The Luma was set up first. Things went pretty smoothly. I downloaded the app from Android Play store and created an account with username and password. Remember to log into your old router and release the IP address for your ISP. Then I just followed the instructions on the app: powered down the old router, powered down the ONT (aka modem), plugged the network cable into the ONT and the Luma hub, and then plugged them both in. The Luma app on my Google Nexus 6P found the hub immediately, named it and asked me to sit patiently while it registered on the network. Sadly, that never happened. I tried one more time...no go. A quick search online revealed that some Android devices have difficulty. So, I tried setup with my Google Nexus 9 tablet and voila! It registered and I had wireless network. For the next two hubs, I used an old iPhone and things worked very smoothly also. So, perhaps it just didn't like my Nexus 6P. Small bug but no harm done.
The Eero set up was also smooth....after I figured out how to release my IP address on the Luma (see below). Basically, I had to power down the ONT and wait a couple hours. Once I did, setup with my Nexus 6P was quick this time round. Again, I downloaded the Eero app and created an account by entering my telephone number and then entering a 6 digit SMS code. The Eero hub was named, registered and had live internet. Good to go.
I'll call this a tie despite the Nexus 6P hiccup with Luma. But if you have a Nexus 6P and want to use a Luma, be prepared to need to try a different device for setup. If you're a stickler, edge to Eero.
THE APP INTERFACE
Right off the bat, both Eero and Luma apps are sparse. If you're used to configuring a wireless router in the past, you will be unpleasantly surprised by the absence of desired features, including dynamic DNS, QoS, IP release, etc. However, I recognize that these devices are supposed to be family friendly and that they are. Following the instructions in both apps is super easy and very efficiently and quickly gets the first wifi puck up and running. NOTE: I must emphasize that the Verizon FIOS ONT needs to release the IP address in order to switch routers. If you don't release it, then you need to sit around for 2 hours with it powered down until does so automatically. This shouldn't affect most users who just buy either the Luma or the Eero. But, if you are planning on testing a couple devices, it's wise to remember.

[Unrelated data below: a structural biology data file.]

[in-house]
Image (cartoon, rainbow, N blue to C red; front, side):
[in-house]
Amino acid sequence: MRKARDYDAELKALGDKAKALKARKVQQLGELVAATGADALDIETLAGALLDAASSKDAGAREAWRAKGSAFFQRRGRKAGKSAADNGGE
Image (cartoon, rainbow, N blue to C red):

Anyway, at this point, both apps look very similar and clean with their router status view, upload and download speeds and devices attached tab. Furthermore, they let you add new routers to the mesh network easily, name them (although Eero allows for custom names), reserve IP addresses (in advanced settings menus), enable port forwarding, assign wireless devices to a user profile, UPnP, etc. Here's where they differ:
The Eero app allows devices to be nicknamed (a super nice feature), allows for a custom DHCP, and allows DNS config if you want to use Google or OpenDNS or whomever.
The Luma can't do any of those at present. However, it does allow for IGMP Snooping to be enabled or disabled. Luma also offers a rating filter for all or specified users. I don't know what the movie-like ratings mean but it would seem handy if I had young kids to whom I wanted to restrict content.
In the end, they are both pretty similar. If I had to give one an edge, it would be the Eero simply because it allows nicknames for device connections. I dig that.
Minor edge to Eero.
Okay, a lot of words to get to the part that matters most. How is the signal? Alas, this is really hard to quantify. Basically, I walked around all of the rooms in my home with the Wifi Analyzer app and took readings. On average, the Eero was about 2-5 db better than the Luma in each room. Having read some reviews online, perhaps it has to do with the extra 5Ghz antenna. Who knows? But, it was a pretty minor discrepancy and may have had more to do with how the hubs hand off the connection to one another (or don't) than actually signal strength. I will say this, BOTH Eero and Luma very capably covered all corners and rooms of my home. That alone is a tremendous victory compared to my sad history with range extenders that just never satisfied us at all.
So, minor edge to Eero but very satisfactory marks to both.